AGRIBIOME will develop innovative tools to harness microbiome functions for breeding and seed health strategies while addressing the demand for less dependency on soybean imports and fuel-based inputs, thus, achieving more sustainable and circular food production in Europe as requested by civil societies and policy makers. This will strengthen environmental and climate-smart primary plant production and provide consumers with healthy and safe food along with affordable diets.

Stand/Resultate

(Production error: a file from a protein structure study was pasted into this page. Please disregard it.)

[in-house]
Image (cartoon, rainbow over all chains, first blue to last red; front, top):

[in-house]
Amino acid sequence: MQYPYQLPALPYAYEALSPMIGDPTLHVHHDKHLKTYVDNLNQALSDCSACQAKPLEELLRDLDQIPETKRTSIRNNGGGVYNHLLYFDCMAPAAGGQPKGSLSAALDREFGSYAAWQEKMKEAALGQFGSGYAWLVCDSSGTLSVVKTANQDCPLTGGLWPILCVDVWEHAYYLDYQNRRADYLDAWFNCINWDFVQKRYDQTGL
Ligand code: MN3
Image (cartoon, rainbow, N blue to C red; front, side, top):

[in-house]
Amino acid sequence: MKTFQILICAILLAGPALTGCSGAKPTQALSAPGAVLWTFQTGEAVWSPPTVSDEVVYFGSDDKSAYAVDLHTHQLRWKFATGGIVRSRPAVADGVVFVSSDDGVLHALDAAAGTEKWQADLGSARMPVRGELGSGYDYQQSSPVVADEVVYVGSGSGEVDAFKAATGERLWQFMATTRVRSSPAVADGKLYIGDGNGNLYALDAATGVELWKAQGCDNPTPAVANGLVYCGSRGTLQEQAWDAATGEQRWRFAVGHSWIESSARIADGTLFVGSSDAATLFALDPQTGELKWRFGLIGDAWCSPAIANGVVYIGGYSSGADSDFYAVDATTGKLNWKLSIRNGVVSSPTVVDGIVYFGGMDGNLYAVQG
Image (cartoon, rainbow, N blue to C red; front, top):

AGRIBIOME started in 2020 by genotyping a panel of 254 pea lines. These pea lines had previously been phenotyped for their resistance towards root rot when grown in infested field soil under controlled conditions. Genome-wide association studies (GWAS) revealed one major genomic region on chromosome 6, explaining up to 15% of the observed root rot resistance. Further analysis revealed that genomic prediction models can explain up to 50% of the observed variation in root rot resistance. To understand the relationship between root rot resistance and the root microbiome, root fungal and bacterial communities were determined by amplicon sequencing of the whole panel of 254 pea lines grown under root rot stress. The pea genotype showed substantial effects on the fungal and bacterial diversity indices, while the origin of the pea lines (genetic resources, European cultivars, Swiss breeding lines) was of minor importance. Microbiota community composition was associated with the resistance level of the pea against root rot. Key fungi and bacteria linked to root rot resistance have been identified. Some of these potentially beneficial microbes were shown to be highly heritable and highly connected within the microbial network (hub taxa). GWAS were conducted to find plant genomic regions associated with microbiome features and individual microbes related to disease resistance. Several genomic regions were found to affect the abundance of potentially beneficial microbes. The strongest correlation was found at the same genomic locus on chromosome 6 as for the disease resistance. Next, GWAS on root rot resistance were conducted following a holobiont approach by incorporating plant genotypic data and the abundance of individual microbes. The holobiont approach markedly increased the prediction ability of pea root rot resistance.